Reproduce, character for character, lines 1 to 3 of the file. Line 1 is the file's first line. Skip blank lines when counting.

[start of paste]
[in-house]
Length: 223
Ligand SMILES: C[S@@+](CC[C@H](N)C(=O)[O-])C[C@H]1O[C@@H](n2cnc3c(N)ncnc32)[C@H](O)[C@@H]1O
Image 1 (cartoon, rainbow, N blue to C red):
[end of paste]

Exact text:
[in-house]
Length: 223
Ligand SMILES: C[S@@+](CC[C@H](N)C(=O)[O-])C[C@H]1O[C@@H](n2cnc3c(N)ncnc32)[C@H](O)[C@@H]1O